6. Sirsasana II (Salamba Sirsasana II) (Supported Headstand)
Inversions are a powerful set of postures that change our perspective and give us a boost of confidence. Because of the huge foundation, Tripod Headstand is one of the simpler inversions to balance. It’s also useful to know if you want to go to more sophisticated transitions like descending into arm balances.
With your hands shoulder-width apart and elbows stacked on the heels of your hands, place the crown of your head on the ground. To enter a Dolphin Pose, curl your toes under and straighten your legs. To avoid collapsing, hold your elbows in (use your adductors) and lift your shoulders up away from the ground.
Keep the same actions as above, but as you gain flexibility, walk your feet in enough so you can place one knee at a time onto the back of your arms (aim closer to the armpits if possible). Again, keep the elbows in and shoulders up to prevent collapsing your arms from the weight of your legs.
From the knee position draw them up off of your arms and into your chest like a cannon ball. Continue to draw the legs up until they straighten out keeping the legs hugging into the midline the entire time. You can also enter this posture from Dolphin walking your feet in, keeping the legs straight, and entering from a press.
7. Setu Bandha Sarvangasana (Salamba Setu Bandha Sarvangasana) (Supported Bridge Pose)
This is where I feel at ease. Traditional Bridge Pose, on the other hand, drives me insane. I could sit there for hours with a smile on my face if I added a block under my lower back. This is a terrific Shoulderstand modification and a calming method to relieve the front body and spine.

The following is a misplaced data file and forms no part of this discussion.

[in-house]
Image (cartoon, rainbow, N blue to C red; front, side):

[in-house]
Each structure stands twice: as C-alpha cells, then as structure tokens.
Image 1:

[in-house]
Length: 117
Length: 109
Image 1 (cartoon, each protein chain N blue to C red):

Begin with a low–medium level block beneath your lower back.
Place the block beneath your lower back in a tall and narrow manner (you might need to press up onto tippy toes to fit the block in). Hug your shoulders in and interlace your fingers in front of the block.
If you follow the procedures above, you should be able to get
8. Ustrasana (Camel Pose)
Camel is a love-hate pose for many people. The key is to trigger all of the proper alignment in the body to keep the lower back supported and the neck happy. The beauty lies in the fact that there are so many variations. So here we go!
Stand on your shins with your knees and feet hip-width apart. Wrap your hands around your hips encouraging your tailbone to drop down while your lower belly lifts up to neutralize your pelvis. Keep your hands on your hips and lift your heart up powerfully as you roll your shoulder heads back. Hold here with hands on the hips for about 8 breaths.
Begin the same way as above but curl your toes under. Neutralize your pelvis then draw your hands to your ribcage encouraging them to lift and expand. Roll the shoulders back and keep the arms neutral as you drop your hands down to grab your heels. Keep hips stacking over the knees and the chest lifting.
9. Janu Sirsasana (Head-to-Knee Forward Bend)
This one may seem random, but I have affection for it going all the way back to my Ashtanga days. This fabulous forward fold releases the calf and hamstring of the straight leg with the added benefit of opening the hip of the bent-knee leg. It also teaches the student to notice the effects of small nuances, such as squaring the chest with the straight-leg knee.
Sit up on a blanket or block. Place a strap over the ball of your straight-leg foot. Hold onto each side of the strap and focus on sitting tall without rounding your spine. Gently pull back on the strap so you feel it pull into your foot encouraging it to stay flexed.
To start, inhale and extend your spine long. As you exhale, pivot your belly button to face your straight-leg knee. Keep the twist and length as you grab either edge of your straight-leg foot.
Follow the steps above, but as your flexibility increases, clasp your outer wrist with your inner hand thumb and middle finger around the ball of your foot. Inhale as you clasp, and keeping your gaze forward, exhale and bend your elbows wide to draw you deeper into the fold.
This is such a glorious pose and great for all levels of students! Leg-Up-the-Wall Pose is the best way to relax after a long day or practice on your feet. It drains the legs and is also a fantastic posture if you struggle with insomnia.
Place a folded blanket or bolster lengthwise along the wall. Sit on it sideways with one hip touching the wall. As you lie down, swivel around and sweep your legs up the wall, keeping your lower back elevated.